U.S. Air Force Receives Public Relations Industry's Top Honor for Balancing Honor, Compassion and Transparency in Making 'Dignified Transfers'

Jun 04, 2010, 12:40 ET from Public Relations Society of America

NEW YORK, June 4 /PRNewswire-USNewswire/ -- Military transparency - an oxymoron to some - has earned the U.S. Air Force Office of Public Affairs the public relations industry's highest award for excellence.

(Photo:  http://photos.prnewswire.com/prnh/20100604/DC15880 )

(Photo:  http://www.newscom.com/cgi-bin/prnh/20100604/DC15880 )

The Public Relations Society of America (PRSA) presented the Air Force with its "Best of Silver Anvil Award" for its program to facilitate media coverage of flag-draped coffins bearing the remains of U.S. service personnel arriving at Dover Air Force Base. More than 20 members of the Air Force, including the Honorable Erin C. Conaton, undersecretary of the Air Force, were on hand to accept the award at PRSA's Silver Anvil Awards ceremony, held Thursday evening at the Equitable Tower in New York.

"A Solemn View: Public Affairs Provides a Window to American Service Members' Ultimate Sacrifice" was selected as the best among 134 public relations programs nominated for a Silver Anvil Award, the public relations industry's most distinguished award for excellence. There were more than 800 entries total.

"This year, we recognize the U.S. Air Force and its public affairs professionals, whose approach to the 'dignified transfer' of service personnel remains neither sought nor discouraged media reports, but facilitated coverage consistent with each family's wishes," said PRSA Chair and CEO Gary McCormick, APR, Fellow PRSA. "I salute their efforts, which carefully balanced dignity, honor and respect for the fallen; compassion, service and support for the family members; and the need for greater transparency, as an important reminder of war's human cost."

For more than 18 years, a U.S. policy hid from public view the arrival of America's war dead at Dover Air Force Base, the sole U.S. port of entry for the remains of America's service personnel. In 2009, Defense Secretary Robert Gates reversed this media ban, which critics had decried as hiding the true cost of war.

Air Force Public Affairs professionals developed a fail-safe and repeatable media relations program that neither sought nor discouraged media reports, but that facilitated coverage consistent with each family's wishes. In the first year of the new policy, 471 war dead returned to Dover for the "dignified transfer of remains." More than half (55 percent) of these ceremonies were covered by media.

"I want to thank the Public Relations Society of America for recognizing the Air Force Office of Public Affairs and its tremendous record of success in this no-fail mission," said Undersecretary of the Air Force Erin Conaton. "It is a solemn process that ensures dignity, honor and respect for the fallen, and also provides care, service and support to family members, while allowing the media to give the public considerate insight into the human cost of war. The work that Air Force Mortuary Affairs and Public Affairs do with dignified transfers, and the media's coverage of them, is important to the Air Force, the Department of Defense and the nation."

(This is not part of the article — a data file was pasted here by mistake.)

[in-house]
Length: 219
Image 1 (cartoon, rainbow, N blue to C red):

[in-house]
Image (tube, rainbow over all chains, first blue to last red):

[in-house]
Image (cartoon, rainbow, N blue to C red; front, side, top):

Silver Anvil Award judges noted in particular the Air Force's evaluation of media operations following each dignified transfer, which was key to making ongoing improvements and ensuring a unique and intimate experience for the families.

"The Air Force public affairs team brought a terrific sense of empathy for the families of fallen soldiers and combined it with a comprehensive and highly professional public relations effort," said James J. Roop, APR, Fellow PRSA, Silver Anvil Committee chair and president of Roop & Co., Cleveland, Ohio. "The team's ability to meet the desires of affected families while pulling back the curtain on the dignified transfers earned it the Best of Silver Anvil Award over many outstanding public relations programs in this year's competition."

To learn more about the program, visit PRSA's Voices of Public Relations for a podcast featuring Christy Nolta, deputy director for Air Force Public Affairs. For a glimpse of a red carpet interview with Col. Les Kodlick at the Silver Anvil Awards Ceremony, visit PR Tactics.

About Silver Anvils

The Silver Anvil Awards program has grown in scope and stature since its inception in 1946, and awards are now given in 59 categories and subcategories. In the 60-plus-year history of the Silver Anvils, many organizations have been recognized, including solo practitioners, agencies of all sizes, large and small businesses, top corporations, nonprofits, associations and government agencies. For a complete list of 2010 Silver Anvil winners, click here.

About the Public Relations Society of America (PRSA)

With more than 31,000 members, PRSA is the largest organization of public relations professionals and students. PRSA is comprised of 111 local Chapters organized into 10 geographic Districts; 16 Professional Interest Sections that focus on issues, trends and research relevant to specialized practice areas, such as technology, health care, financial communications, entertainment and sports, and travel tourism; and the Public Relations Student Society of America (PRSSA), which has more than 300 Chapters at colleges and universities in the United States and abroad. PRSA is headquartered in New York.

CONTACT:  Diane Gomez, +1-212-460-1437, diane.gomez@prsa.org

SOURCE Public Relations Society of America